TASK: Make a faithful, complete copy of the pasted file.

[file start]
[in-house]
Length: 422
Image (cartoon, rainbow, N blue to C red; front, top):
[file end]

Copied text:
[in-house]
Length: 422
Image (cartoon, rainbow, N blue to C red; front, top):